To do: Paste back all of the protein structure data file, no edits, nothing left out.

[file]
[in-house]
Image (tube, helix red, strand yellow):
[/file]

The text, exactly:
[in-house]
Image (tube, helix red, strand yellow):